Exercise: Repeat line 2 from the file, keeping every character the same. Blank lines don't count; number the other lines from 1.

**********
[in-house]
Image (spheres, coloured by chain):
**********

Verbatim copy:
Image (spheres, coloured by chain):